Like any farmer, Jeff Nielsen keeps an eye on the weather, hoping for an end to the hot, dry spell that hit parts of the Canadian prairies this summer.
He's also watching the Canadian dollar, which has risen by 10 per cent against the U.S. currency since May and threatens to erode the hard-won export markets Western growers and other exporters rely on.
The loonie's rise gained traction after the Bank of Canada's decision in July to raise lending rates for the first time in seven years at a time the U.S. Federal Reserve Board paused its rate hikes amid low inflation.
"Everybody wants a stronger dollar, from the consumer side. But on the export side, there's definitely going to be a hurt," said Mr. Nielsen, the president of the Grain Growers of Canada, who grows wheat, barley and canola on 1,400 acres near Olds, Alta.
Avery Shenfeld, chief economist at CIBC World Markets Inc., said Canada's rise in interest rates has made the country's currency more attractive to investors.
"This has the greatest negative impact on exporters, particularly those without a lot of import content in what they sell," Mr. Shenfeld said. "That would include not only manufacturers, but also the domestic tourism sector."
Retailers and importers benefit from the Canadian dollar's stronger buying power. There are less obvious winners, as well: interest-rate sensitive sectors such as real estate and consumer durable goods, Mr. Shenfeld said.
The currency's gain makes it less likely the central bank will raise interest rates again in the fall, because it has the effect of dampening economic activity and inflation, Mr. Shenfeld said.
However, Canadian companies that do business in the United States will feel the pinch. Both major Canadian railways, Canadian Pacific Railway Ltd. and Canadian National Railway Co. said the strengthening dollar is adding to the uncertainty in the second half of the year.
At CP, which gets 15 per cent of its revenues from U.S.-only freight and 31 per cent from cross-border shipping, every 1 cent rise in the Canadian dollar cuts revenue by about $26-million a year. At the same time, the company's debt ratio would improve and expenses would decrease by $13-million, according to a company presentation to investors.
CN said last week a 1 cent rise in the Canadian dollar costs it $30-million in profit. Even as the growth in freight outpaces that of its rivals, the company said it is not raising its forecast for the full year, pointing to currency headwinds in addition to uncertainty over freight volumes.
Calgary-based WestJet Airlines Ltd. said a stronger loonie would reduce U.S.-dollar-denominated expenses such as aircraft leases, some maintenance costs and airport fees, in addition to plane purchases. And as the Canadian dollar rises, trips abroad become more affordable.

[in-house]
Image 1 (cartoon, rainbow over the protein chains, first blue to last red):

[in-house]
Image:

"If the Canadian dollar is higher as a result of rising interest rates resulting from healthy inflation and a healthy economic outlook, then we will generally see more travel by Canadians, which improves our results over time," WestJet spokeswoman Lauren Stewart said.
The Canadian dollar on Friday traded above 80 cents (U.S.), which is the upper end of Mr. Shenfeld's estimate for the year.
A halt to the dollar's ascent suits Mr. Nielsen, the grain grower, just fine.
"If [the loonie] were to rise substantially, we'd be in serious trouble," he said, adding a stronger Canadian dollar drives down such expenses as fuel and farm equipment.
Canada is among the top wheat producers in the world, exporting almost half of the 57 million tonnes of grains harvested in the 12 months ending July 29, according to the International Grains Council.
But export volumes are little changed since 2008 and prices have remained low amid large global crops and new competition from Russia and other growers in the Black Sea region.
The rising dollar won't help, even in a season where unfavourable weather is propping up prices.
Mr. Nielsen said market speculators have been particularly active this summer, exaggerating the wild price swings that stemmed from the drought in the U.S. Northern Great Plains.
Mr. Nielsen sold 30 per cent of this year's crop even before a seed went in the ground. It's a common practice and a gamble that he won't lose his grain in a hailstorm and have to buy out the contract. But it ensures a steady flow of cash in the months ahead and reassures his bank. And at times of a rising dollar, it's also an inadvertent hedge against falling crop prices.